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You may have noticed a couple of rather unknown features on Drake’s One Dance earlier this year. One of them is UK Funky’s Kyla, the other is afrobeats artist and Nigerian pop star Wizkid. You may also have heard and read about afrobeats in the last few months, with features in online magazines like Dummy and Thump appearing, but the genre has actually been about for quite a few years, both in London and Nigeria and Ghana.

Initially being a mixture of hiplife, a Ghanaian off-shoot of hip-hop, Nigerian Naija beats and a sprinkling of pop music, it grew out of Nigeria and Ghana, and quickly traveled to London, where it was infused with the sounds of UK Funky ad Grime. A key player in this process was artist Fuse ODG. Born in London to Ghanaian parents and spending parts of his childhood in Ghana, he went back to London for his education in 2009. He recounts in an interview with the Guardian, that he couldn’t really find the sound he wanted stuck in a rut with African flavored hip-hop, so in 2011 he made his return to Ghana. During a visit to a club, he witnessed the people going crazy to the Azonto dance. Influenced by this and the growing popularity of West African pop and Naija beats, he returned to London with an all-new sound, afrobeats, coupled with that signature influence of UK Funky and Grime. In 2012 he made success with his hit single Antenna and he still is a major player in the Afrobeats scene.

Afrobeats is now solidified as a London sound, as well as a distinctly African sound. In contrast to other London born and bred dance music like grime and dubstep, Afrobeats is upbeat and soaked in autotune, African rhythms and big bright synth sounds. Previously the largest influences in UK dance music has been American music like hip-hop and house and caribbean music like dancehall and reggae, giving UK dance music, like drum & bass a dark edge. Though Afrobeats is not easily confused with contemporary dancehall, the way it twists big room sounds and pop is similar to that of dancehall, utilizing the same sounds as pop music, coupled with their signature rhythms and percussion. The closest cousin of Afrobeats in the UK dance fauna is very clearly UK Funky, a short-lived but hugely influential genre that is mostly known for its imaginative and heavy focus on percussion and rhythm. UK Funky in many ways utilized similar rhythms and inspirations, but mostly with a darker tint than Afrobeats. The cross-pollination between the genres also occurs among artists. Donae’o, the producer and vocalist behind UK Funky classics like Party Hard and African Warrior, still travels Ghana, collaborating with Ghanaian rappers like Sarkodie.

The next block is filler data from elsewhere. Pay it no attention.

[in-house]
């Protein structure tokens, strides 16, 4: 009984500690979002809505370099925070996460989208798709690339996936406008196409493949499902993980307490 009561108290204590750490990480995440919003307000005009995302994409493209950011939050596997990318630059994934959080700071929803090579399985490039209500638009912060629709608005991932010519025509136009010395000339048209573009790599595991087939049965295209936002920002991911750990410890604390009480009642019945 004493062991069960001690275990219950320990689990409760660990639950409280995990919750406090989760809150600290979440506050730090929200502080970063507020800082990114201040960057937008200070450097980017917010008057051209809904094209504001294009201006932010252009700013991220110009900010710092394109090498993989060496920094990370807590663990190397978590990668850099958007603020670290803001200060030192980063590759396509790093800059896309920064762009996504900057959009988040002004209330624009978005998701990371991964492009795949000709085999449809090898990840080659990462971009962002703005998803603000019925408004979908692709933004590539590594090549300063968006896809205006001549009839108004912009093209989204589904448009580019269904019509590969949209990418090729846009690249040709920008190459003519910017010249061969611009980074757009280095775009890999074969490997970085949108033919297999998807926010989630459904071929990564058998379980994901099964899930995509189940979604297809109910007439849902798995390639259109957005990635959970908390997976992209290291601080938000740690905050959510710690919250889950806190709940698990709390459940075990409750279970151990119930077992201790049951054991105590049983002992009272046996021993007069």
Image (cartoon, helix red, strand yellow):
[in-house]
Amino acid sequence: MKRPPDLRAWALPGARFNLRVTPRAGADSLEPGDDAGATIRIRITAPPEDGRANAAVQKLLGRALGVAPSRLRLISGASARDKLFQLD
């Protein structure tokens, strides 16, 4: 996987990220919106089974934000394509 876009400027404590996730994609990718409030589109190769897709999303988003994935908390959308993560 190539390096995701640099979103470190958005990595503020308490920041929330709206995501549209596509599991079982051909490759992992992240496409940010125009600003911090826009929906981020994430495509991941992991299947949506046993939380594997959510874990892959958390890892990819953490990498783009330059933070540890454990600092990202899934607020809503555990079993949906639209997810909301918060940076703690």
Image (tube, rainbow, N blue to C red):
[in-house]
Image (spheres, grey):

vibble x Loopmasters: Afrobeats

We have partnered with Loopmasters to give you an Afrobeats sound pack that let’s you add that afrobeat vibe to your vibble sessions. The pack contains essential percussion hits inspired by the afrobeat sound. Check it out in vibble for iPhone.

Afrobeats is gaining popularity and more and more artists from the scene are getting signed to larger labels, but it’s still retaining its signature sound. It is a sound geared towards pop, but using the sounds of that pop music in a very distinct way, just like dancehall has done for so many years. Here’s a small selection of tunes and artists you should be on the look out for, to explore afrobeats further we recommend DJ Abrantee’s Afrobeats show and the accompanying monthly afrobeats charts on CapitalXtra (, and you can also download out our afrobeats sound pack to get that afrobeats vibe yourself.